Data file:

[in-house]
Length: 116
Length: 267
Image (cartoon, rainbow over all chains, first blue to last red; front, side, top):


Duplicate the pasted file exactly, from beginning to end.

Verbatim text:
[in-house]
Length: 116
Length: 267
Image (cartoon, rainbow over all chains, first blue to last red; front, side, top):